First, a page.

The Jade del Cameron mysteries are set in Colonial Africa immediately after the Great War. Jade is an independent woman, smart and tough. In the debut novel Mark of the Lion Jade sets out for Africa to investigate the death of her almost fiancee’s father and to find his missing brother. A mystery, adventure series that had the potential to be terrific with an intriguing heroine, plenty of interesting characters and a unique background but sadly I found it too slow in many places. I ended up skimming the book as well as its sequel Stalking Ivory.
Though I did find it a fascinating glimpse into the impact World War had on changing the roles of women and class within society. Reminded me in this respect of the above British mystery heroines of this time period.
Tricia Miles the main character is the owner of ‘Haven’t Got A Clue’, a mystery bookstore in Stoneham, New Hampshire, America. She is an amateur sleuth and embarks upon solving yet another mystery, this one involves a long ago lover whom she thought dead.
Characters sprinkled throughout the book include Tricia’s selfish sister, her spineless boyfriend the local sheriff and her sweet employees. This would be labeled a cozy mystery, not a ‘must have’ but a pleasant read.
Rhys Bowen‘s mysteries.
Rhys Bowen has written three different mystery series, featuring very different leading characters, all set in different countries and time periods.
The Constable Evans series is set in rural Wales, possibly in the 1970s or 80s. The main character is local constable Evan Evans, apparently the books are full of local characters and lots of mysteries to solve.
The first Rhys Bowen books I read were her Royal Spyness mysteries. I totally enjoyed Bowen as a writer and couldn’t wait to read more. I began with Royal Blood and recently enjoyed Naughty in Nice. The main character is Lady Victoria Georgiana Charlotte Eugenie, daughter of the Duke of Altholt and Rannoch, 34th in line to the British throne, the year 1933. Thanks to Lady Georgiana’s sister-in-law her allowance has been cut off and she is penniless. Whilst fulfilling various requests in England and throughout Europe for Her Majesty, Georgiana stumbles into and solves various mysteries. Sprinkled throughout the stories is the progression of her romance with Darcy O’Mara a penniless Irish peer. Very enjoyable, highly recommend.
Bless the Bride and Hush Now, Don’t You Cry are a couple of books from Bowen’s Molly Murphy series. Molly an immigrant to America from Ireland in 1900, she opens up a detective agency, highly unusual for that time period. Molly is independent, courageous and determined to solve any mysteries. These are Bowen’s more recent ones and Molly newly married has promised her Police Captain husband Daniel Sullivan she will give up detecting. I have doubts as to her fulfilling that promise. The Molly Murphy series is my favourite of all three because I love Molly’s character! Highly Recommended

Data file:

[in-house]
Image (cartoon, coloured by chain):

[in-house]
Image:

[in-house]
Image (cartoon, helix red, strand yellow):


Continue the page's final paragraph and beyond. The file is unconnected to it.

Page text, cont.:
Carola Dunn has written 20 novels featuring Daisy Dalrymple. Daisy is the daughter of a Viscount, who begins her career as a writer in 1922, driven by a need for financial and emotional independence from her family. In the first novel she meets Detective Inspector Alex Fletcher from Scotland Yard and assists him in solving a murder. Several books later they marry, defying class boundaries. Daisy’s guileless blue eyes led many people to confide in her, information that helps her husband solve cases, much to his discomfort. Like Maisie Dobbs, Daisy is not a typical woman of her times, I found her an immensely likeable character. Highly recommended.
Kate Shackleton is the leading character of Frances Brody‘s mystery series. Kate was widowed in WW1 and developed a reputation for finding missing persons whilst she searched for her own missing husband. The first novel of the series opens with Kate embarking upon her official career as a private detective. As Kate solves mysteries the side mystery of Kate’s own parentage, who was adopted as a baby, is unfurled. Kate is an interesting character, not willing to be hindered by the social stereotyping of her times. Brody has written 5 novels in this series. Highly recommended.
Jacqueline Winspear’s novels feature Maisie Dobbs, a psychologist and investigator, who began working at 13 as a servant in a Belgravia mansion. Early one morning she was discovered reading in the library by her employer, Lady Compton. Surprisingly she wasn’t dismissed but her education supported and directed by Lady Rowan and family friend Dr Maurice Blance. Just after beginning studies at Girton College the Great War breaks out and Maisie enlisted for nursing overseas.
During the War she falls in love with a young Doctor and becomes engaged, there is a related mystery that is entwined for several novels, certainly her lost love explains her melancholy at times.
The first novel begins in 1929, Maisie has completed an apprenticeship with Maurice, who had been revered for his work with Scotland Yard, and she sets up her own business. The novels are an interesting blend of detective work and psychological understanding. Entwined throughout is the development of Maisie’s character and the lives of those close to her. Thus far Winspear has written 10 novels. Highly recommended.